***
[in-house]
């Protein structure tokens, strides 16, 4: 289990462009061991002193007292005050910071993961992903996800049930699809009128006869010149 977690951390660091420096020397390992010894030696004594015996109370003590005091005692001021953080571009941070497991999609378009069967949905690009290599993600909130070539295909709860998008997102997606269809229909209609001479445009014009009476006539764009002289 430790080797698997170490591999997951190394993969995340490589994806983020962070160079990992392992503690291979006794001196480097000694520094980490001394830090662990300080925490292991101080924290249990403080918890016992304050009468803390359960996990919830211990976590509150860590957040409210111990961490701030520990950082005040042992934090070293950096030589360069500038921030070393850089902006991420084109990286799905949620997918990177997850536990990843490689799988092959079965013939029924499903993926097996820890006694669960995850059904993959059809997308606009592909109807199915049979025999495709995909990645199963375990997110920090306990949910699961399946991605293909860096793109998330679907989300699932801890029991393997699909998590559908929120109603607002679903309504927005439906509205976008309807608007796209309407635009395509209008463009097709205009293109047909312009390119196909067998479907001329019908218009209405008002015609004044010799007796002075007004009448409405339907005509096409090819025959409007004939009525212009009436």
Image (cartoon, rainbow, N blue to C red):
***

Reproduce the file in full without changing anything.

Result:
[in-house]
């Protein structure tokens, strides 16, 4: 289990462009061991002193007292005050910071993961992903996800049930699809009128006869010149 977690951390660091420096020397390992010894030696004594015996109370003590005091005692001021953080571009941070497991999609378009069967949905690009290599993600909130070539295909709860998008997102997606269809229909209609001479445009014009009476006539764009002289 430790080797698997170490591999997951190394993969995340490589994806983020962070160079990992392992503690291979006794001196480097000694520094980490001394830090662990300080925490292991101080924290249990403080918890016992304050009468803390359960996990919830211990976590509150860590957040409210111990961490701030520990950082005040042992934090070293950096030589360069500038921030070393850089902006991420084109990286799905949620997918990177997850536990990843490689799988092959079965013939029924499903993926097996820890006694669960995850059904993959059809997308606009592909109807199915049979025999495709995909990645199963375990997110920090306990949910699961399946991605293909860096793109998330679907989300699932801890029991393997699909998590559908929120109603607002679903309504927005439906509205976008309807608007796209309407635009395509209008463009097709205009293109047909312009390119196909067998479907001329019908218009209405008002015609004044010799007796002075007004009448409405339907005509096409090819025959409007004939009525212009009436």
Image (cartoon, rainbow, N blue to C red):